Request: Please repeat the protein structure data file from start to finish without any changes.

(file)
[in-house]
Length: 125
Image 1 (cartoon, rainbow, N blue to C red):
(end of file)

[in-house]
Length: 125
Image 1 (cartoon, rainbow, N blue to C red):